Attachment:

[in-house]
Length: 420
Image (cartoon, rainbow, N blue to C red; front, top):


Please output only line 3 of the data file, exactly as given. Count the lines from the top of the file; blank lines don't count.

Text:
Image (cartoon, rainbow, N blue to C red; front, top):